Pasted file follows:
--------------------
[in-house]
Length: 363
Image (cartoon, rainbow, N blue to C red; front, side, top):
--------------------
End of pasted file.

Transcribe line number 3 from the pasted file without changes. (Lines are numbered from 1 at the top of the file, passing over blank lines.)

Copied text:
Image (cartoon, rainbow, N blue to C red; front, side, top):